SAVOUR: InterContinental Kuala Lumpur’s food promotion hints of Korea
INTERCONTINENTAL Kuala Lumpur is having its Korean Feast at Serena Brasserie until Sunday.
Chef Kim Jae Sun, Hyun Soon Ahn and Jun-Young Heo from InterContinental Seoul are here to cook, as well as teach local chefs on preparing Korean food.
Korean food enthusiasts can enjoy dining the bansang charim way at an affordable price.
Bansang charim means having rice (bap) with a set of side dishes (banchan) such as fermented vegetables (kim chi), fresh vegetables (namul), a stir-fried dish with sauce (bokkeum) and pan-fried dishes (jeon), among others.
Kim, who has 20 years of experience as a chef, said almost all the ingredients were bought from the "Korean town" at Ampang.
"We are providing halal food so that all Malaysians can enjoy our dishes," said 41-year-old.
He added that local vegetables are used, while beef is imported from Australia.
Patrons are recommended to try cucumber kim chi (oi sobagi), mixed rice (bibimbap), stir-fried potato noodles (japchae), the cinnamon punch (sujeonggwa), as well as Korean cookies (mae jak gwa).
The oi sobagi is cucumber stuffed not only with kim chi, but also a mixture of chives, garlic and red chilli powder.
Koreans believe the warming effect of chives counterbalances the cooling effect of cucumber.
This dish is normally served during the hot summer season when people often lose their appetites.
As for the colourful bibimbap, patrons are given the chance to mix the banchan into their rice according to their preference.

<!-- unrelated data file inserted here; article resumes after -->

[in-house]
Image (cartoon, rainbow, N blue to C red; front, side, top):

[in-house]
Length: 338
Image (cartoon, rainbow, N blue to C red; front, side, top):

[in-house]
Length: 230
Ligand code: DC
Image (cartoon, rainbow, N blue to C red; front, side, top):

The dish is believed to be adapted from the ancient custom of mixing together leftover rice and dishes for midnight snacks.
Japchae is seasoned with soybean and sweetened by sugar and accompanied by vegetables.
For desserts, cinnamon is a key ingredient.
The brown sujeonggwa is a freshly made traditional fruit punch with a distinctive cinnamon and ginger taste.
Mae jak gwa are fried ginger cookies glazed by cinnamon syrup.
There are 20 other Korean dishes such as the kim chi pancakes, beef tartare and grilled beef ribs, besides Japanese and local cuisine.
The buffet is organised in collaboration with the Korea Agro-Fisheries & Food Trade Corporation to promote Korean culture.
Korea Agro-Trade Centre (S) Pte Ltd deputy manager Yang Jae Song said the organisation is promoting the buffet because it knows Malaysians love Korean food.
"Food is a means for locals to 'taste' Korean culture and also get to know our Korean food products," he said.
The Korean Feast is priced at RM85++ per person for lunch and RM98++ for dinner.
For reservations, call 03-2782 6228.